Wednesday, May 19, 2010

The Occupational Outlook Handbook - A Sample Search

When I'm working with clients on career development issues, I will almost undoubtedly mention how much I value the Occupational Outlook Handbook. I will share with you my experience of how I would utilize this tool if I were researching careers. There are two ways that I would approach this tool: I would either just start searching the A-Z index, which organizes career information alphabetically by job title/cluster, or I would take a career assessment, such as the Strong Interest Inventory, which would provide me with a list of possible job title matches. The latter approach is a more focused and less timely approach, but both will garner the same results; that being detailed career information. Here is a sample search for the career area of Social Worker. More...
Let's say I'm interested in becoming a Social Worker. I've heard some things about this career, but I don't know anyone personally who holds this occupation, so I want to gain some more information about what it entails. I would first use the Occupational Outlook Handbook (OOH) to research the position, and then would setup an informational interview with an actual Social Worker if the research proved interesting to me. You will see a lot of information when you visit the OOH homepage. It actually lists the different ways you may want to use it, and I usually choose option 3, the A-Z index. After clicking on the A-Z index link, you will see the job title listing, organized alphabetically. So, I will click on "S" for Social Work. As I scroll through the "S" titles, I see a few relevant titles (10 beginning with the word "Social"), but there is one that seems most appealing to me - "Social Workers." The first section is Significant Points, and this is basically the abstract for the job title, touching on the highlights of the position. The next section is the Nature of the Work, which explains typical responsibilities and tasks for this occupation along with certain occupational specialties. For Social Workers, it lists these specialties: Child/Family/School, Medical/Public Health, and Mental Health/Substance Abuse.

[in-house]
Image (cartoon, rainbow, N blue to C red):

Then I read on about Training, Other Qualifications, and Advancement. I find out a Bachelor's degree is needed to get started in Social Work, but for the type of position that interests me most, I would need a Master's in Social Work. There is also information about licensure, certification, and advancement. I also see Employment Stats and the Job Outlook, which shows employment for Social Workers is expected to grow faster than the average for all occupations through 2018. Not a bad career to be interested in with that kind of outlook. The Earnings section shows me how much money Social Workers are making in different settings. That's great information for someone researching careers. There are also sections with helpful resources (professional organizations, regional information, etc.) and relevant positions. The Related Occupations section can be extremely helpful for someone who researches a career of interest but finds that the job doesn't pay enough money or there is a significant amount of education required. Perhaps one of the Related Occupations requires less education or pays better.

This is just a brief exploration into the information on the Bureau of Labor Statistics (BLS) website. I recommend that you spend some time with the OOH and the BLS website to find its full potential for your career research.

Take care,
Chris

1 comment:

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